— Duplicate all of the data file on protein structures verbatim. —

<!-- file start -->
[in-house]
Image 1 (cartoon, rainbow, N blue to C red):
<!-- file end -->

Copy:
[in-house]
Image 1 (cartoon, rainbow, N blue to C red):